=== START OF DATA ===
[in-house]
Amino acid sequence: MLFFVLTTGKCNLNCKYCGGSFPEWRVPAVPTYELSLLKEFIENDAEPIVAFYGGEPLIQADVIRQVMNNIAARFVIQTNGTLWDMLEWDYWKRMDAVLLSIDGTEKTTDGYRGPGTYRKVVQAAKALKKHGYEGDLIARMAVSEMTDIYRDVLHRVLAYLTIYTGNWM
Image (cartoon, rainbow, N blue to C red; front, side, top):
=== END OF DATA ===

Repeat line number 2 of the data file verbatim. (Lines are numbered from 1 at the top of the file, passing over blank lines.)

Amino acid sequence: MLFFVLTTGKCNLNCKYCGGSFPEWRVPAVPTYELSLLKEFIENDAEPIVAFYGGEPLIQADVIRQVMNNIAARFVIQTNGTLWDMLEWDYWKRMDAVLLSIDGTEKTTDGYRGPGTYRKVVQAAKALKKHGYEGDLIARMAVSEMTDIYRDVLHRVLAYLTIYTGNWM